Some things worth checking.
Although 3D printing can make some amazing objects, it does have limitations. The list of issues below represent what I have encountered from my own mistakes as well as customer submissions.
They are too big (won’t fit inside a 10″ x 8″ x 8″ envelope (but most can be scaled down or perhaps the part can be made in two and joined by adhesive or fasteners)
They have features that are too small, walls that are too thin, or otherwise won’t be duplicated by a 3D printer. (I try to avoid anything smaller than 1 mm in thickness, unless it is a very short distance. Also, thin horizontal features which are not in contact with the print surface will be easily damaged when the support material is removed.
For instance, the thin roof like structure shown in the left front of the photo below below broke off when trying to remove the support material required by the 3D printing process.
They are not modeled correctly. The printer will see the object as an open box instead of a solid. Some of these errors can be corrected if the original model is provided to me, but may require some time to fix. The red area of the model shown below is an indication that the surface will not print correctly. I can usually detect these problems with a thorough STL model review prior to printing.
They have features that will require difficult to remove support material. See examples below:
The original design shown at right had several weak areas that caused the part to break when the support material was removed. The round “legs” were attached with tiny attachment areas which broke easily. The “wing’ on top was only held on by a thin rectangle, and easily broke off when the support material was removed between the wing and the body of the part.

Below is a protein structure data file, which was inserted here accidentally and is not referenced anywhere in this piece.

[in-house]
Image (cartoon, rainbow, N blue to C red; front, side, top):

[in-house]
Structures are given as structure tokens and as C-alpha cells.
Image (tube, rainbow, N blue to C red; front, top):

The other photo on the right shows the part with all support still intact just as it came out of the print process. When designing a part, keep in mind the support material required. Depending on orientation used, support is required if there are any gaps between the part and the base surface it stands on. Slight angles (less than 45 degrees) can be accommodated. For instance, the jack o lantern shown on the Examples page grows entirely without support material because the angle is never shallower than 45 degrees to the horizontal.
Available ABS colors
Flesh color (for figurines)
Glow in the dark green
U/V sensitive white that turns red in sunlight
ABS is a common material used for many commercial and consumer goods. It is what Lego toys are made of. I guarantee you already have many products in your home made from ABS.
ABS is not designed for food contact, although there are now food grade ABS filaments available. If you are concerned about your print being compatible with fluids, see the guide at the following link.